Lessons from Amazon You Should Apply to Your Business

Whether you like it or not, the mega-retailer is influencing your customers. Its search and suggestions are impacting buyer expectations. Their insanely speedy delivery (especially in urban areas and locations where they have warehouses) has now made it easier to order online and have it delivered than it is to go and pick it up.

With Amazon, it’s a love-hate relationship.

And if you’re in competition with them, we already know which side of that argument you are probably on.

But still…

There are things you can learn from the retail giant.

We don’t all have the pockets and employee base of Amazon, but you can still apply some of their offerings to your business for lucrative effect. Amazon:

Never Leaves the Customer Wondering “What’s New?”

If you are one of the many Alexa owners, you probably get a weekly email from Amazon with cool things to try on your Alexa. This email is easily scannable and assists customers in getting the most out of their product.

Notice that Amazon didn’t create a benefits list and put it in the packaging. They know people don’t read that kind of stuff. Instead, they use drip marketing to keep customers engaged and talking about the product. That way, they’ll also tell their friends about it.

You can do the same thing for your business (though it needn’t be weekly).

Doesn’t Charge for Shipping

While you may not be able to afford to offer free shipping to all your customers, you can establish low minimums like “free shipping over $25.” Customers would rather buy more and get free shipping than pay for shipping.

So, what’s the harm? Drop your shipping charges.

If you absolutely hate losing money on shipping (chances are you aren’t charging much more than what it costs anyway), it’s better to increase the price of something slightly to cover the shipping than it is to add $15 onto the cost once the product is in your customer’s online shopping cart. In fact, shipping costs are one of the main reasons people abandon products in their carts.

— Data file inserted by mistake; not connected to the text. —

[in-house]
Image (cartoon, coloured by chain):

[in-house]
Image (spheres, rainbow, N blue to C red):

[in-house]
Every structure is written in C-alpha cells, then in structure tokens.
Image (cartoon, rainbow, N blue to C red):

Makes Buying Suggestions

A lot of e-commerce platforms and shopping cart software give you a suggestion feature and you should use it. Suggested merchandise based on what’s currently in the cart, what’s being viewed, or what has been purchased in the past by either you or customers like you is a solid way to get people to spend more.

If it wasn’t, Amazon wouldn’t do it.

One thing you should consider implementing right away is making “peas and carrots” suggestions. Many companies show customers looking at items such as sweaters other sweaters.

But you don’t have to.

Instead, you could add additional cool weather options like boots, scarves, or gloves. If they’re buying a sweater, maybe they need other things to help them stay warm and stylish. If you’re selling electronics, always ask if they need batteries or an extra charger.

Purchases are emotional and impulsive and while they may be able to get batteries elsewhere cheaper, convenience is a big motivator. Get the customer when they’re already buying by offering something they really need.

Offers Customer Service Options

It’s difficult to just pick up the phone and get ahold of someone at Amazon. But you can send a call request at the time you’d like, and they call you at your preferred number. No waiting on hold and listening to music you used to think was cool before they stripped all the lyrics out of it and played it on the synthesizer. They also offer email solutions and chat.

They leave it completely up to the customer and customers appreciate that.

Speaking of help, Amazon also does an excellent job of encouraging reviews of its products and its other merchants. It even allows its merchants to contact recent customers via email, so they can request a review and be of help.

You should consider ways in which you can improve the number of reviews you and your product/services receive because people pay attention to them. Even reviews written by strangers, influence buying decisions for a sizable percentage of the population.

It’s hard to compete with a mega giant like Amazon. Even Walmart finds it difficult. There are lessons you can take from it though.

Just remember, if you can’t beat them you can always join them. Amazon has a lot of small business sellers they work with.

Finally, the one thing Amazon can’t provide, no matter how hard it tries, is a smiling face at the end of a transaction or the added worth someone who knows their craft or business brings to the sale. Implement these few lessons and look for ways where those in-person transactions can become even more valuable.

We can show you how to make that personal connection in a way that becomes more meaningful to your customers.


Christina R. Green teaches small businesses, chambers, and associations how to connect through content. Her articles have appeared in the Midwest Society of Association Executives’ Magazine, NTEN.org, and AssociationTech. She is a regular blogger at Frankjkenny.com and the Event Manager Blog.

She’s a bookish writer on a quest to bring great storytelling to organizations everywhere.